“Road safety is absolutely paramount and we’ve been working extremely closely with our partners to refine these designs. Early release signals for cyclists have been credited with reducing collisions in cities where they’re already used so these are a particularly desirable option.

“The consultation is now live on our Consultation Hub and will run until 11 April 2018. We want to hear from as many people as possible to ensure we get this right so please do have your say and spread the word.”

The consultation on Phase three of tram cycle safety improvements runs from today until April 11, with the bulk of the proposed changes planned to be implemented towards the end of 2018.

The fourth and final phase of improvements will comprise improvements to the road layout at the Princes Street/Lothian Road/Shandwick Place/Queensferry Street/Hope Street junction to address safety for cyclists and pedestrians. This phase of the project will be progressed as part of the Central Edinburgh Transformation programme.

Four bidders shortlisted to deliver Edinburgh tram extension

How the tram would look travelling along Constitution Street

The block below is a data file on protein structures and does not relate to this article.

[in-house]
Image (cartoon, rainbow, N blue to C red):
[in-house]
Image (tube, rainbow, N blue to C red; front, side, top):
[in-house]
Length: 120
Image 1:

The City of Edinburgh Council has announced the four bidders shortlisted for the Infrastructure and Systems work on the proposed tram line extension to Newhaven as the completion of the Final Business Case for the project edges closer.

Contractors were invited to participate in the pre-qualification process for the contract, which closed late last year following an extensive period of market consultation.

The contracting strategy was well received, with significant interest received from local, national and international bidders applying to pre-qualify on to the shortlist.

Following a robust evaluation process of the seven pre-qualification applications received, four bidders have pre-qualified to be invited to tender in mid-April 2018 for the Infrastructure and Systems contract.

This includes the design and construction of all track, overhead line, tram stops, systems infrastructure, road infrastructure and public realm between York Place and Newhaven.